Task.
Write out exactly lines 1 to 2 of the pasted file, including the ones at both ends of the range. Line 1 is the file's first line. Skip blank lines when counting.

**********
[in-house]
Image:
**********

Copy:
[in-house]
Image: